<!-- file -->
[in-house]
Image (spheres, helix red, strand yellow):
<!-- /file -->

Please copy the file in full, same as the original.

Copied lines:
[in-house]
Image (spheres, helix red, strand yellow):